NHL fans witnessed history on Thursday night and Friday morning. In Game 1 of the Eastern Conference Final, the Florida Panthers and Carolina Hurricanes endured a marathon by playing nearly four extra periods of hockey and nearly getting to a fifth. Florida forward Matthew Tkachuk was the long-awaited hero, scoring in the final seconds of the fourth overtime to give the Panthers a 3-2 win and a 1-0 series lead. Panthers goalie Sergei Bobrovsky made 63 saves on 65 shots, while Frederik Anderson stopped 57 of 60 for the Hurricanes.
And yet, this game was only the sixth-longest in NHL history. Yes, there are five games throughout the NHL's century-long history that are even longer than this. All of these games went to at least five overtime, which this game just barely missed out on.
In honor of this game, let's look back on the five NHL games that somehow managed to surpass this one in length.
5. April 24, 2003: Mighty Ducks of Anaheim vs. Dallas Stars, 80:48
The Mighty Ducks entered the 2003 playoffs as the seventh seed but then shockingly swept the defending champion Detroit Red Wings in the first round. Meanwhile, the Stars were the top seed in the Western Conference and advanced to the second round with a six-game win over the Edmonton Oilers. This marked the first playoff meeting between these teams, and what a first impression they left.
Anaheim jumped out fast in Game 1, taking a 3-1 lead halfway through the second period. However, Dallas didn't quit and kept up the pressure. Stars forward Brendan Morrow tied the game 3-3 at 17:13 of the third period, sending the game to the first of many overtimes.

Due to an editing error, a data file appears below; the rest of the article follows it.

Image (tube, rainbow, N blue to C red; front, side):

The two teams played four scoreless overtime periods, with only a single penalty early in the first extra frame. Anaheim forward Peter Sykora finally ended the game 48 seconds into the fifth overtime, lifting the Mighty Ducks to a 4-3 win. Mighty Ducks goalie Jean-Sebastien Giguere made 60 saves on 63 shots, while Marty Turco stopped 50 of 54 for the Stars.
Anaheim would win the series in six games, upsetting another Western Conference titan. The Mighty Ducks would go all the way to the Stanley Cup Final but fall to the New Jersey Devils in seven games. Notably, Giguere won the Conn Smythe Trophy despite being on the losing team, marking the last time this has happened.
4. August 11, 2020: Columbus Blue Jackets vs. Tampa Bay Lightning, 90:27
This game may take the cake of all the weirdness the NHL bubble gave us. Tampa Bay earned the second seed in the Eastern Conference after round-robin play, while Columbus defeated the Toronto Maple Leafs in the qualifying round to earn the seventh seed. Of course, this was a rematch of the previous year's series, in which the Blue Jackets humiliated the President's Trophy-winning Lightning in a four-game sweep.
In Game 1 of the series, both teams refused to give the other an inch. Tampa Bay's Yanni Gourde tied the game 2-2 early in the third period, and that was the last goal for nearly two hours of game time.
Midway through the fifth overtime, Brayden Point finally scored to give the Lightning a 3-2 win. Columbus goalie Joonas Korpisalo made 85 saves on 88 shots, an NHL record. Andrei Vasilvesky stopped 61 of 63 shots for Tampa Bay. This game went so long that the Hurricanes-Bruins game scheduled for later in the night had to be moved to the following morning.